Virtual Meeting Thursday, July 2nd

We will host a virtual La Leche League Airport Area group meeting on Thursday, July 2nd from 10:00 AM – 10:30 AM on the platform.

To join the meeting:

To join by phone instead, tap this: +1.512.647.1431,,1893919828#

Looking for a different dial-in number?
See meeting dial-in numbers:

If also dialing-in through a room phone, join without connecting to audio:

If you use your cell phone and want the video display, you need to download the Jitsi Meet app. You can find it here: Jitsi Mobile Apps

If you have any questions or problems connecting, please contact Chrissy by text at 412-716-6542.

We look forward to connecting with all of you on Thursday!

COVID-19 Update

Our hearts go out to everyone affected by the COVID-19 crisis. In order to keep everyone safe, we are temporarily suspending our in-person monthly meetings. We are looking into how to hold a virtual meeting on Thursday, April 2nd. More information will be posted.

We are still here to support all of you and are available through phone, text and email if you have any breastfeeding questions or need support. Please reach out if you need anything! All of our contact info can be found here: Contact Us

Breastfeeding during COVID-19, by Dawn Burke, Professional Liaison Department Administrator, La Leche League

Current knowledge from the Centers for Disease Control (CDC) and the World Health Organization (WHO) indicates that breastfeeding parents, even those with confirmed Covid-19, should continue to nurse. By the time the nursing parent has symptoms, the child has already been exposed, therefore stopping breastfeeding increases the child’s chance of becoming ill. Human milk provides important protection and nutrition to nursing children and abruptly stopping can cause more problems than it solves.

Here are some practical steps families can take to limit the spread of Covid-19 and some ways to cope if the nursing parent becomes ill. Much of this is common sense and applies to similar illnesses like the flu. It’s best to have some basic items on-hand before anyone gets sick. If a nursing parent does get sick, a bin or basket to keep these items nearby works best:

Hand sanitizer and/or wipes
Plenty of non-sugary liquids or rehydration fluids—it’s important to stay hydrated to maintain milk supply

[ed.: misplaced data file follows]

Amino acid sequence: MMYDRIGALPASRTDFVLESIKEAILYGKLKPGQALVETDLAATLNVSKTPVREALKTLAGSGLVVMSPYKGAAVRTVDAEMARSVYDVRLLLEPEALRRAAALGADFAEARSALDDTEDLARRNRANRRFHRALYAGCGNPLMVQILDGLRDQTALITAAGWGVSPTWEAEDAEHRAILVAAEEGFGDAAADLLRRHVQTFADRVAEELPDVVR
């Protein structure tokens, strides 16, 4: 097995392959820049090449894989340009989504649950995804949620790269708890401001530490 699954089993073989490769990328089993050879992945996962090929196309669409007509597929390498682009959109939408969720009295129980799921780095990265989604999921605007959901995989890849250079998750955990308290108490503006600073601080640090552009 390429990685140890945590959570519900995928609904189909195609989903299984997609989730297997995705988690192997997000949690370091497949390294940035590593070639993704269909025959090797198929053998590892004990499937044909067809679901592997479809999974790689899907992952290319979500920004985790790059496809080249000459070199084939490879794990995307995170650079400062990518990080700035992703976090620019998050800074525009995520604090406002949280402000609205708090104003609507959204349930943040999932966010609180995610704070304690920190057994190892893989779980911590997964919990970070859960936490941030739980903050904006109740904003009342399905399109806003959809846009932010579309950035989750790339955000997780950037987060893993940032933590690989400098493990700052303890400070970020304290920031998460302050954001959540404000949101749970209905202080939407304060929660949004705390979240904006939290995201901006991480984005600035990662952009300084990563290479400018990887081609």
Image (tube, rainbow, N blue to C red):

Fruit juice popsicles—feverish people who won’t drink will often be willing to suck on popsicles for fluids
Nutritious snacks
Phone charger
Remote control and/or a good book
Diapers and clothing changes for the child
Basket of quiet books, toys, or puzzles for a toddler to play with nearby

If a nursing parent does become ill, the guidelines are similar to those of other viral respiratory illnesses:

“Breastfeeding women should not be separated from their newborns, as there is no evidence to show that respiratory viruses can be transmitted through breast milk, according to UNICEF. The mother can continue breastfeeding, as long as the necessary precautions below are applied:

Symptomatic mothers well enough to breastfeed should wear a mask when near a child (including during feeding), wash hands before and after contact with the child (including feeding), and clean/disinfect contaminated surfaces.

If a mother is too ill to breastfeed, she should be encouraged to express milk that can be given to the child via a clean cup and/or spoon – while wearing a mask, washing hands before and after contact with the child, and cleaning/disinfecting contaminated surfaces.” 

Additional resources can be found here: Breastfeeding and Coronavirus


Monthly Meeting

Our next meeting will be held on Thursday, March 5th at 10 AM at the Panera in North Fayette (by Walmart) in the VIP room.

If you have any questions, please contact us!

You can also find more information about our monthly meetings here.

We look forward to seeing you and your little ones!

New breast milk compound discovered

It is amazing how many new benefits are found in breast milk. Researchers recently discovered a breast milk compound that fights the growth of infection causing bacteria. It is called glycerol monolaurate, or GML and the compound also promotes the growth of beneficial bacteria. Read more here.

Help! I can’t put my baby down!

Often mom’s are surprised by the intense need their baby has for them that first year of life. Sometimes they wonder if something is wrong with their baby or if they are spoiling them by holding them so much. This need to be close to mom is a very normal, natural behavior and one that is healthy for both the baby and mom. Read more on the Women’s Health Today blog on why this intense time is so important and why it makes sense biologically:

Help! I can’t put my baby down!


Laying with your kids to help them fall asleep is not a bad habit!

When my first son was born, he wanted to be held ALL THE TIME to sleep. For naps and throughout the night. It didn’t feel right to put him down and let him cry, especially because I knew he would nurse right to sleep and stay happy and content in my arms or sleeping next to me. If this sounds like your baby, know you are not alone! For helpful tips on co-sleeping safely, see La Leche League’s Safe Sleep Seven.

We recently came across this article on laying with your children as they fall asleep. It is a wonderful reminder of how you can meet the needs of your child in whatever stage they are in and that there is nothing wrong with being there for them as they fall asleep!

Read more here: Lying down with your kids until they fall asleep is not a bad habit